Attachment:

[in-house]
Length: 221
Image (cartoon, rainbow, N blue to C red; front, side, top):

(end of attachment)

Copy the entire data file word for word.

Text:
[in-house]
Length: 221
Image (cartoon, rainbow, N blue to C red; front, side, top):